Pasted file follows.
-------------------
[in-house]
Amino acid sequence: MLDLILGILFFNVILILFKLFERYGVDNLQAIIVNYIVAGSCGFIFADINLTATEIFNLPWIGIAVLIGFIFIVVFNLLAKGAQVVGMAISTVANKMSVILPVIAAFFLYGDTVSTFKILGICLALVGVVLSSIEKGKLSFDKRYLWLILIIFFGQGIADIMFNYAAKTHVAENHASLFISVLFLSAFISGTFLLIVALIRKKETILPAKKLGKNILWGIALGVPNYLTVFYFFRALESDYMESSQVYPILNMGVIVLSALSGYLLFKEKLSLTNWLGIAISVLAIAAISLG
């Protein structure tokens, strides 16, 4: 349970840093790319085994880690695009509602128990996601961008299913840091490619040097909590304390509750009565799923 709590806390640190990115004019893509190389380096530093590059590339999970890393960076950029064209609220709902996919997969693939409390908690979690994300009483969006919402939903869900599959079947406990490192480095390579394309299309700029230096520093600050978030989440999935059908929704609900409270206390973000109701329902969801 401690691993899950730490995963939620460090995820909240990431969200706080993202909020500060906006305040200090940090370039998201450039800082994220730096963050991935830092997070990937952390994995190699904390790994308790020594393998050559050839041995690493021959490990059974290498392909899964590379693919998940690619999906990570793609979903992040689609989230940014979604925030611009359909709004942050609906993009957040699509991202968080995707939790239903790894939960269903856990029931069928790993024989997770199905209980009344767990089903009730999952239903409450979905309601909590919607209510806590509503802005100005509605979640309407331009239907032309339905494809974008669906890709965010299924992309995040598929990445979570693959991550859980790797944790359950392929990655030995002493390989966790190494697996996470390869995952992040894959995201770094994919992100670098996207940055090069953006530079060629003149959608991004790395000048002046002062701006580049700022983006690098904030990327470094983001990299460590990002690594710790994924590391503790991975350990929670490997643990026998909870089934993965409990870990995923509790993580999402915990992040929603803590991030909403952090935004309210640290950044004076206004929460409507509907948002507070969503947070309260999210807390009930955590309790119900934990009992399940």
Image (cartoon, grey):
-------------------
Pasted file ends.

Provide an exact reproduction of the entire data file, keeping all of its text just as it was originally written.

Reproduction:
[in-house]
Amino acid sequence: MLDLILGILFFNVILILFKLFERYGVDNLQAIIVNYIVAGSCGFIFADINLTATEIFNLPWIGIAVLIGFIFIVVFNLLAKGAQVVGMAISTVANKMSVILPVIAAFFLYGDTVSTFKILGICLALVGVVLSSIEKGKLSFDKRYLWLILIIFFGQGIADIMFNYAAKTHVAENHASLFISVLFLSAFISGTFLLIVALIRKKETILPAKKLGKNILWGIALGVPNYLTVFYFFRALESDYMESSQVYPILNMGVIVLSALSGYLLFKEKLSLTNWLGIAISVLAIAAISLG
């Protein structure tokens, strides 16, 4: 349970840093790319085994880690695009509602128990996601961008299913840091490619040097909590304390509750009565799923 709590806390640190990115004019893509190389380096530093590059590339999970890393960076950029064209609220709902996919997969693939409390908690979690994300009483969006919402939903869900599959079947406990490192480095390579394309299309700029230096520093600050978030989440999935059908929704609900409270206390973000109701329902969801 401690691993899950730490995963939620460090995820909240990431969200706080993202909020500060906006305040200090940090370039998201450039800082994220730096963050991935830092997070990937952390994995190699904390790994308790020594393998050559050839041995690493021959490990059974290498392909899964590379693919998940690619999906990570793609979903992040689609989230940014979604925030611009359909709004942050609906993009957040699509991202968080995707939790239903790894939960269903856990029931069928790993024989997770199905209980009344767990089903009730999952239903409450979905309601909590919607209510806590509503802005100005509605979640309407331009239907032309339905494809974008669906890709965010299924992309995040598929990445979570693959991550859980790797944790359950392929990655030995002493390989966790190494697996996470390869995952992040894959995201770094994919992100670098996207940055090069953006530079060629003149959608991004790395000048002046002062701006580049700022983006690098904030990327470094983001990299460590990002690594710790994924590391503790991975350990929670490997643990026998909870089934993965409990870990995923509790993580999402915990992040929603803590991030909403952090935004309210640290950044004076206004929460409507509907948002507070969503947070309260999210807390009930955590309790119900934990009992399940």
Image (cartoon, grey):